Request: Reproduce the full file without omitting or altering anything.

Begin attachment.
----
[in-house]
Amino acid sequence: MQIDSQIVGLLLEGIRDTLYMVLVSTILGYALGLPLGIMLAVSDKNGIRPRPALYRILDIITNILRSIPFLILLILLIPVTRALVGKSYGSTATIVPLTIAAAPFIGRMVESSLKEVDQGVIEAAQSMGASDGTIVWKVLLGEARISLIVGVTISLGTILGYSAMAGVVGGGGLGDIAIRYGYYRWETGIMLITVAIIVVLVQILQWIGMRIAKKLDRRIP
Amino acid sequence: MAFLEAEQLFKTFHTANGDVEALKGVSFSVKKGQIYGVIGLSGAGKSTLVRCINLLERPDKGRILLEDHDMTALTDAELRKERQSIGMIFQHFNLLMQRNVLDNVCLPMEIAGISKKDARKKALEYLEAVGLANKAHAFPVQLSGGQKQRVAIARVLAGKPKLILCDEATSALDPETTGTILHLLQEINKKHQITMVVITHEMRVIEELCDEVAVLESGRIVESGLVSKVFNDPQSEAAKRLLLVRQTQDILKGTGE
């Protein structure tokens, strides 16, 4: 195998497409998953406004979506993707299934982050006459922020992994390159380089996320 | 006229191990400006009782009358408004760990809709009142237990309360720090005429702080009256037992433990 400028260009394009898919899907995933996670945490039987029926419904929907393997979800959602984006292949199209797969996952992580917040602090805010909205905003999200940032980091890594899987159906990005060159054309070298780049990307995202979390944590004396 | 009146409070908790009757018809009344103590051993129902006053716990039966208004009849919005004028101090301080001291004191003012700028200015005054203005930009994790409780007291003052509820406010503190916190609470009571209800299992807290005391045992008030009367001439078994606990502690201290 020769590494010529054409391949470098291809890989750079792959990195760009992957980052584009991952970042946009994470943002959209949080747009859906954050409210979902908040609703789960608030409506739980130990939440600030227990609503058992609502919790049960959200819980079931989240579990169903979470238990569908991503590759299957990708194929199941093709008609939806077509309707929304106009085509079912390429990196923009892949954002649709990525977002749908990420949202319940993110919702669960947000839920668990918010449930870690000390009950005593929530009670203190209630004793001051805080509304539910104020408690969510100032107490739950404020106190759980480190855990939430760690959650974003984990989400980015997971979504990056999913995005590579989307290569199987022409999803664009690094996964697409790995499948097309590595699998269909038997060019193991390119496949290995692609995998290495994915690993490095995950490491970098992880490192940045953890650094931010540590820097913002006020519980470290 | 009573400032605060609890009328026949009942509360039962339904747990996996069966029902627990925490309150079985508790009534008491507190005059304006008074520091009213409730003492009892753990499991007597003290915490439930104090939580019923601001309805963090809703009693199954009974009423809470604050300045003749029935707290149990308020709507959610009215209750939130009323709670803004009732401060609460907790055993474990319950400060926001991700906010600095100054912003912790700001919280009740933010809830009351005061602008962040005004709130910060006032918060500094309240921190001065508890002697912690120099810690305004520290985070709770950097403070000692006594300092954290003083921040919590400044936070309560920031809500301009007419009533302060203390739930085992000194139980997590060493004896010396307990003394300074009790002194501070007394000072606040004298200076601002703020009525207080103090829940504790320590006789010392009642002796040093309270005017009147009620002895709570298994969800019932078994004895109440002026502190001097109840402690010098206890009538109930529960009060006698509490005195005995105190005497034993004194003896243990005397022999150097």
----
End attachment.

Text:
[in-house]
Amino acid sequence: MQIDSQIVGLLLEGIRDTLYMVLVSTILGYALGLPLGIMLAVSDKNGIRPRPALYRILDIITNILRSIPFLILLILLIPVTRALVGKSYGSTATIVPLTIAAAPFIGRMVESSLKEVDQGVIEAAQSMGASDGTIVWKVLLGEARISLIVGVTISLGTILGYSAMAGVVGGGGLGDIAIRYGYYRWETGIMLITVAIIVVLVQILQWIGMRIAKKLDRRIP
Amino acid sequence: MAFLEAEQLFKTFHTANGDVEALKGVSFSVKKGQIYGVIGLSGAGKSTLVRCINLLERPDKGRILLEDHDMTALTDAELRKERQSIGMIFQHFNLLMQRNVLDNVCLPMEIAGISKKDARKKALEYLEAVGLANKAHAFPVQLSGGQKQRVAIARVLAGKPKLILCDEATSALDPETTGTILHLLQEINKKHQITMVVITHEMRVIEELCDEVAVLESGRIVESGLVSKVFNDPQSEAAKRLLLVRQTQDILKGTGE
């Protein structure tokens, strides 16, 4: 195998497409998953406004979506993707299934982050006459922020992994390159380089996320 | 006229191990400006009782009358408004760990809709009142237990309360720090005429702080009256037992433990 400028260009394009898919899907995933996670945490039987029926419904929907393997979800959602984006292949199209797969996952992580917040602090805010909205905003999200940032980091890594899987159906990005060159054309070298780049990307995202979390944590004396 | 009146409070908790009757018809009344103590051993129902006053716990039966208004009849919005004028101090301080001291004191003012700028200015005054203005930009994790409780007291003052509820406010503190916190609470009571209800299992807290005391045992008030009367001439078994606990502690201290 020769590494010529054409391949470098291809890989750079792959990195760009992957980052584009991952970042946009994470943002959209949080747009859906954050409210979902908040609703789960608030409506739980130990939440600030227990609503058992609502919790049960959200819980079931989240579990169903979470238990569908991503590759299957990708194929199941093709008609939806077509309707929304106009085509079912390429990196923009892949954002649709990525977002749908990420949202319940993110919702669960947000839920668990918010449930870690000390009950005593929530009670203190209630004793001051805080509304539910104020408690969510100032107490739950404020106190759980480190855990939430760690959650974003984990989400980015997971979504990056999913995005590579989307290569199987022409999803664009690094996964697409790995499948097309590595699998269909038997060019193991390119496949290995692609995998290495994915690993490095995950490491970098992880490192940045953890650094931010540590820097913002006020519980470290 | 009573400032605060609890009328026949009942509360039962339904747990996996069966029902627990925490309150079985508790009534008491507190005059304006008074520091009213409730003492009892753990499991007597003290915490439930104090939580019923601001309805963090809703009693199954009974009423809470604050300045003749029935707290149990308020709507959610009215209750939130009323709670803004009732401060609460907790055993474990319950400060926001991700906010600095100054912003912790700001919280009740933010809830009351005061602008962040005004709130910060006032918060500094309240921190001065508890002697912690120099810690305004520290985070709770950097403070000692006594300092954290003083921040919590400044936070309560920031809500301009007419009533302060203390739930085992000194139980997590060493004896010396307990003394300074009790002194501070007394000072606040004298200076601002703020009525207080103090829940504790320590006789010392009642002796040093309270005017009147009620002895709570298994969800019932078994004895109440002026502190001097109840402690010098206890009538109930529960009060006698509490005195005995105190005497034993004194003896243990005397022999150097």